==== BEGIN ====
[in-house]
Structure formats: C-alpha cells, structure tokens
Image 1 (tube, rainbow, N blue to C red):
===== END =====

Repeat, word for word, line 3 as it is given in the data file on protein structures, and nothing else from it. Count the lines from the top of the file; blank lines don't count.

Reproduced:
Image 1 (tube, rainbow, N blue to C red):